Newham Council has agreed in principle to stick with Microsoft, and is in the final stages of negotiating a deal with the company that slashes licence costs and includes substantial free support. The Register also understands that the deal includes, as we suggested yesterday, a mechanism whereby Newham's outdated Microsoft Exchange 5.5 system (the one it can't currently afford to upgrade) gets upgraded.
Microsoft UK has seen off the prospect of a high-profile Linux desktop breakthrough at a substantial public sector customer, while Newham head of IT Richard Steel has scored a pricing win that is likely of a magnitude that has so far eluded the Office of Government Commerce, the outfit whose job it is to secure good value for the UK's public sector.
But Newham may not be so lucky next time, and any other UK public sector organisations thinking that a precedent has been set may be barking up the wrong tree. Newham was able to wring major concessions from Microsoft because it had set up, tested and approved a credible alternative in the shape of an open source desktop system. That, combined with what can only be described as an obsession at the highest executive level within Microsoft about open source - particularly open source desktops - in the UK public sector meant that Microsoft UK could pay virtually any price to keep Newham inside the tent.
Plus, Bill's due in London on Monday at the invitation of Chancellor Gordon Brown to tell us all how to get rich, and a major loss wouldn't look good, could even be career-threatening, for Microsoft UK's high command.
Eddie Bleasdale of netproject, which designed the open source desktop alternative for Newham, is as you may imagine not best-pleased, and warns that Newham's apparent victory over Microsoft comes at a price. "Richard Steel has done very well," he says. "He's got his short-term costs down to a very sustainable level, and if the same sustainable prices were achieved in the UK's other local authorities the savings would run into hundreds of millions." If they were applied throughout the UK public sector, he adds, the savings would amount to billions.
"But ask yourself, how did a poverty-stricken council in East London with a limited amount of Unix and Linux expertise get itself a position where it could negotiate so strongly with Microsoft?" It is difficult to argue with Bleasdale's conclusion that Newham could only do this because it had an alternative that worked, and that it was fully prepared to roll out. This clearly is not the case for large numbers of public sector organisations which have locked themselves into Microsoft Windows and Microsoft licensing, and it quite probably will not be the case for Newham when the contracts it is about to sign come up for renewal.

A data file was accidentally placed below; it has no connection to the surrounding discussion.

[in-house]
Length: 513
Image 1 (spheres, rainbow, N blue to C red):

According to Bleasdale a meeting of department heads approved a strategy based on netproject's Secure Open Desktop Architecture in November, and agreed, subject to continuing negotiations with Microsoft, that this recommendation would go forward to the Council's Main Board in early 2004. Thus began the curious interlude in which Richard Steel expressed a preference for sticking with Microsoft, price permitting, Newham pulled the plugs on the IBM run OGC open source trial (which actually never started), and Microsoft presumably came to the conclusion that Newham wasn't bluffing.
Bleasdale observes that netproject's activities frequently seem to have a miraculous effect on the price of Microsoft software, and the customers' consequent enthusiasm for Windows. But he doesn't regard this as a satisfactory situation. Microsoft is trading large discounts to some organisations in exchange for maintaining long-term revenue from customers whose exit routes are continually decreasing, and along the way the impression is created that open source can't make it in the public sector, can't make it on the desktop. "The reputation of open source got hammered [in Newham]," he says. "We got a hammering as well and I'm not prepared to just let it go.
"I see no effort at all on the part of the OGC to seriously embrace the concepts of open source. Instead, we get this %@*! invited over to tell us how you get to be a billionaire." (The Register believes this to be a reference to the presence of a well-known software tycoon at Gordon's Brown's entrepreneurs' summit.) In order to achieve real change and win back real independence, says Bleasdale, the government has to provide leadership. The OGC needs to fund genuine open source pilots that show public sector organisations how it's done, and how to do it. Using open source as as lever to squeeze better prices out of the single franchise-holder, the monopoly, has limited shelf-life, and we need to get beyond that. ®